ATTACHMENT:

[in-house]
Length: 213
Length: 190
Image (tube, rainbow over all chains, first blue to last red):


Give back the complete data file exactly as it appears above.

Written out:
[in-house]
Length: 213
Length: 190
Image (tube, rainbow over all chains, first blue to last red):